Linked by Thom Holwerda on Mon 29th Jul 2013 21:19 UTC
PDAs, Cellphones, Wireless Nokia's vice president Bryan Biniak: "We are trying to evolve the cultural thinking [at Microsoft] to say 'time is of the essence'. Waiting until the end of your fiscal year when you need to close your targets, doesn't do us any good when I have phones to sell today." Later Biniak adds: "As a company we don't want to rely on somebody else and sit and wait for them to get it right." There was a simple solution to this problem.
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RE[11]: Stop whining!
by TemporalBeing on Tue 30th Jul 2013 18:30 UTC in reply to "RE[10]: Stop whining!"
TemporalBeing
Member since:
2007-08-22

My point was that I wonder how many customers actually bother checking the CEO announcement before buying a phone or even care what the CEO says.

I would say it would be a higher percentage than normal for Apple customers, but nokia .. I would think it was low.

I don't believe for a second that most people that aren't technical say "better search blogosphere and tech news sites for my next phone purchase".


Normally I would agree. Customers are not going to check the blogosphere, etc.

However, for this particular case I think the facts would be different given that the memo from Elop was all over the news media at the time - publicized from everything from the NYTimes to Forbes etc in the US - a country that doesn't give a lick about Nokia, so just think how much more it would have been noted in countries that do. It would have been all over the news in Norway (Nokia's home); it was all over the open source sphere at the very least due to the Qt and Nokia channels that were directly affected (it was on the mailing list the same day and discussed for weeks with respect to Qt alone). All-in-all, it was not a normal memo.

Nor was the presentation where Elop killed MeeGo - a product launch in front of the worldwide press.

So as I said earlier - this is an exceptional case - everything Elop did was done in front of the world and discussed at large by the world, and while historic information shows both financials down and Symbian sales up, it also shows pretty clearly that in the quarter after the memo that both dropped like rocks to the bottom of the ocean.

Reply Parent Score: 2

RE[12]: Stop whining!
by lucas_maximus on Tue 30th Jul 2013 18:37 in reply to "RE[11]: Stop whining!"
lucas_maximus Member since:
2009-08-18

Forbes and NY aren't even a thing over in Europe. Nokia in its home country ... I can buy that. But anywhere else I just don't believe it was the cause.

I think we are going to have to agree to disagree.

Edited 2013-07-30 18:42 UTC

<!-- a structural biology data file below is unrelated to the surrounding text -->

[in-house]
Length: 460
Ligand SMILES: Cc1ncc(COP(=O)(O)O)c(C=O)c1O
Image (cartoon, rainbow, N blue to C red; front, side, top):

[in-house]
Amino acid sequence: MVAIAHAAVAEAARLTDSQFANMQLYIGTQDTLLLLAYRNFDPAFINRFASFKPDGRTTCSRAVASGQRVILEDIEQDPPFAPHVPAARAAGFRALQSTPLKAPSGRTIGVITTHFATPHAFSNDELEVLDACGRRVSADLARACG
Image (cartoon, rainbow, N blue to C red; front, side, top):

Reply Parent Score: 3

RE[13]: Stop whining!
by TemporalBeing on Tue 30th Jul 2013 18:43 in reply to "RE[12]: Stop whining!"
TemporalBeing Member since:
2007-08-22

Forbes and NY aren't even a thing over in Europe. Nokia in its home country ... I can buy that. But anywhere else I just don't believe it was the cause.


True. Forbes and NYT are any big deal in Europe - I only used them as example for the US where Nokia doesn't normally even hit the radar of any news company.

Nokia in its home country? Certainly.

But what about all the other countries (China, Japan, in Africa, in the middle east, etc) that do pay a lot of attention to Nokia and use a lot of Nokia product? It would have certainly made the headlines there too - especially in countries where people had a lot tied up in the Nokia Ovi app store for Symbian. it's these markets that really built the majority of Nokia's business - and which Elop was quick to undercut and cast off.

Reply Parent Score: 2

RE[12]: Stop whining!
by zima on Mon 5th Aug 2013 17:34 in reply to "RE[11]: Stop whining!"
zima Member since:
2005-07-06

It would have been all over the news in Norway (Nokia's home)

Uhm, Finland is Nokia's home ;)

But anyway, to address what you wonder about - I live in one of traditionally strong Nokia markets, Poland; the memo was mostly ignored by mainstream media. Such tech news don't really surface here, and I guess it's similar in many ~developing markets where Nokia also had traditionally strong presence.

Consider that North American news outlets paid more attention due to other factors - maybe because of where the present Nokia CEO comes from, and/or an anticipation of Windows Phone (so, an OS from NA) shift.

PS. Nearby you also write:
what about all the other countries (China, Japan, in Africa, in the middle east, etc) that do pay a lot of attention to Nokia and use a lot of Nokia product? It would have certainly made the headlines there too - especially in countries where people had a lot tied up in the Nokia Ovi app store for Symbian

Or maybe people in many of those places just have more pressing issues than the future of Nokia, and their media reflect that...
But WRT Japan, Nokia never had much presence there.

About Ovi... don't forget that Ovi works also for Series40 (non-Symbian) handsets, with j2me apps; that's where most of Nokia handset sales were, and most of traffic on Ovi - generally, j2me games, working bad on touchscreen Symbians. "a lot tied up", if it was a factor, would be also when moving from one Nokia handset to another...

Edited 2013-08-05 17:39 UTC

Reply Parent Score: 2